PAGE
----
Thursday, April 28, 2011

Indianapolis Bar Association Responds To Shabazz' Attack On Judge Rosenberg

Fortunately, somebody is finally taking to task the irresponsible pronouncements of controversial radio talk show host Abdul-Hakim Shabazz. Responding to Shabazz' unsubstantiated allegation that Judge Louis Rosenberg had engaged in impermissible ex parte communications with Democratic Party officials concerning the ongoing Charlie White election controversy, the Indianapolis Bar Association released the following statement:

Indianapolis, IN, April 28, 2011: On behalf of over 5,000 lawyers, judges, and legal professionals, the Indianapolis Bar Association on occasion finds it appropriate to speak when the integrity of the legal system or those who administer, support and defend it are unfairly called into question. The April 27, 2011 blog post by Abdul Hakim-Shabazz titled “Treacy v. Parker?”, has made unsubstantiated allegations that call into question the actions of a sitting judge and the integrity of the legal system as a whole. The Marion County Circuit Court judge in the matter involving the case of Indiana Secretary of State Charlie White is bound by the rules of judicial conduct in that and any other case. While we understand the importance of a free debate in political matters and policy issues of public concern, including those that may take place on the Indiana Barrister blog, parts of this April 27 blog post suggest without evidence that the judge has violated his duties. The legal system, its participants and the public benefit from commentary on politics that is free from baseless allegations of this nature. We also note that since Abdul Hakim-Shabazz is an attorney who has chosen a name for his blog that references the legal profession, it would have been our hope that his respect for the legal system would have outweighed any interest in publishing sensationalized, unfounded and unattributed allegations about the judge. The IndyBar reiterates its support for a vigorous public discourse about the legal system and judiciary, but encourages those who comment publicly to do so responsibly.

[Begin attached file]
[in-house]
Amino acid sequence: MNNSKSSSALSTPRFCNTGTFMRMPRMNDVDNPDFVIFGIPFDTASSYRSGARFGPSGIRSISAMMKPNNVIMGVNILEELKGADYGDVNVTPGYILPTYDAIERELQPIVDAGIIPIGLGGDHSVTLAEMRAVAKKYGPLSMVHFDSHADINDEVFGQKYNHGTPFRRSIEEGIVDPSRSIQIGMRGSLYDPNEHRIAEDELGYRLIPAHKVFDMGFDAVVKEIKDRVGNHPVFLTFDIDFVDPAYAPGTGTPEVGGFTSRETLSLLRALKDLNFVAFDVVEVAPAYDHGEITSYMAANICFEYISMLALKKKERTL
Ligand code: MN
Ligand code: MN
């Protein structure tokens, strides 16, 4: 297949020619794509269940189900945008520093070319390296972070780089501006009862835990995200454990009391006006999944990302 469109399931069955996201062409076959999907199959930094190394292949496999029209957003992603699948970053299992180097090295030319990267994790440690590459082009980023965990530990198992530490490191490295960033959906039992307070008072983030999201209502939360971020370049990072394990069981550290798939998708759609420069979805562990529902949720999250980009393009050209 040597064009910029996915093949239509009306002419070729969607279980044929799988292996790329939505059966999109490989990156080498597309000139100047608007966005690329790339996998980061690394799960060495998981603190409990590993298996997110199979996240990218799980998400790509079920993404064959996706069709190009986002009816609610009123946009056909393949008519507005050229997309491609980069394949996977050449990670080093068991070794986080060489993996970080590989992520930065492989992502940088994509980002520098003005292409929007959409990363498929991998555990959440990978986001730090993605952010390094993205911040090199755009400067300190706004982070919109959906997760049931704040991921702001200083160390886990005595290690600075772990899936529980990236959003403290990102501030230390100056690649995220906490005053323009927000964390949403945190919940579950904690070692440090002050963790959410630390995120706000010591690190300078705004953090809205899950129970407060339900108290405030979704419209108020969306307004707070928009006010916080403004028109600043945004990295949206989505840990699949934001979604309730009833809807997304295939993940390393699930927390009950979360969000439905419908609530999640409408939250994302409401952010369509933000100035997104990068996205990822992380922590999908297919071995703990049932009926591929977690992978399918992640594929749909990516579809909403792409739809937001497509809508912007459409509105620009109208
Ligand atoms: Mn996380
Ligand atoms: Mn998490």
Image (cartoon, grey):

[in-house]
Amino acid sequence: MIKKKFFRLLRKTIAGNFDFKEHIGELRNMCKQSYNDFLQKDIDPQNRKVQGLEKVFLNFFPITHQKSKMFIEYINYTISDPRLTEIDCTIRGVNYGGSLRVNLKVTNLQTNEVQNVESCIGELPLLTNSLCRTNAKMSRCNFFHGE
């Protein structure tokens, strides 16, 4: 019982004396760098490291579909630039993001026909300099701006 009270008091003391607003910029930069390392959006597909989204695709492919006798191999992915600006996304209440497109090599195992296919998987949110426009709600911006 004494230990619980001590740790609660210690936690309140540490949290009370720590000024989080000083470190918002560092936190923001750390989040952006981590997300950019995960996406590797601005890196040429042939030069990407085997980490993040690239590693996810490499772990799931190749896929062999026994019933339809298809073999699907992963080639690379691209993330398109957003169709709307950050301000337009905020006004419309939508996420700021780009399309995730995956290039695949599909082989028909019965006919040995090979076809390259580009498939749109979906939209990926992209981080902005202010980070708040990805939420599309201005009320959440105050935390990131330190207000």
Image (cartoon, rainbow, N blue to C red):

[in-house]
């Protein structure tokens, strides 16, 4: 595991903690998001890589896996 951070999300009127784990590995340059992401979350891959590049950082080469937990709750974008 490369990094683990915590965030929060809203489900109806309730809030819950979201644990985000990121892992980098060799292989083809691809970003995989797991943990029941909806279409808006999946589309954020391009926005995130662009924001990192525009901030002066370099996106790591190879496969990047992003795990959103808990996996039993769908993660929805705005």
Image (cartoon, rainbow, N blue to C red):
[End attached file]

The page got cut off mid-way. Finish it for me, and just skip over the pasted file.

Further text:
Shabazz' posted his unsubstantiated allegations against Judge Rosenberg not only on his Indiana Barrister blog but also the Capitol Watch blog of WRTV News where he serves as a political commentator. I still see no reporting there in response to the serious allegations he alleged in his blog posting against Judge Rosenberg. For his part, Shabazz posted the following characteristically flippant response to the IBA's letter:

 I received a copy of the following statement in my e-mail tonight from the Indianapolis Bar Association. The organization took issue with my recent blog post Treacy v. Parker? As a big believer in free speech, I have no problem with the Bar Association criticizing yours truly.

I stand by my blog post. This blog has always been about open debate and respecting honest dissenting opinions and that’s not going to change anytime soon. Like the title says, I’m a big boy and I can take the criticism. It comes with the territory. I’ve always said if you can’t take the heat, find another cook.
I think it's time for Shabazz to put up or shut up. I'm a big believer in the fundamental constitutional right to free speech as he is as a daily blogger, but I think one should tread very lightly when it comes to impugning the professional integrity of one of our judicial officers, particularly when one is an officer of the court. I often have disagreements with the decisions judges make, but I try to restrain my feelings and avoid character assassination, which is essentially what his allegations against Judge Rosenberg amounted to. I don't think he should have made the allegations he made against him unless he was willing, as an officer of the court, to back them up with a complaint to the Commission on Judicial Qualifications.


Wilson46201 said...